In the October issue of the DCBA Brief, we discussed the present uncertainty in Illinois about the enforceability of physician non-compete agreements, suggesting that the Illinois Supreme Court might soon provide guidance on the issue.1 As the issue was going to press, the Illinois Supreme Court decided Carter-Shields v. Alton Health Institute,2 but failed to provide clarification about the enforceability of physician non-compete agreements. Rather, the court ruled that the agreement at issue was void under the corporate practice of medicine doctrine. The court did comment that the appellate court’s determination regarding the validity of physician non-compete agreements was "wholly advisory," and therefore vacated that portion of its ruling.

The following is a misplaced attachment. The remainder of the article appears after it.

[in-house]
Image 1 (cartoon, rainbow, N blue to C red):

So what does this mean? Obviously, the questions are still unresolved, but given the fact that the appellate court’s holding was vacated, there is now less precedent to argue against the unenforceability of such agreements. The main point of the article, that in advising clients, a word of caution is necessary until the Illinois Supreme Court rules on the point, remains correct. We will now have to wait for another case to hear what Illinois’ highest court has to say.
1 David Fish and Charles Corrigan, Physician Non-Compete Agreements in Illinois: Diagnosis – Critical Condition; Prognosis – Uncertain, DCBA Brief, Vol. 15, Issue 2, at 18 (October 2002).
2 2002 Ill. LEXIS 622 (2002).
David J. Fish practices with The Collins Law Firm in Naperville. He is a summa cum laude graduate of the University of Illinois College of Law.
Chuck Corrigan is a partner in The Collins Law Firm. He received his B.S. in Economics from Georgetown University and his J.D. from the John Marshall Law School in Chicago.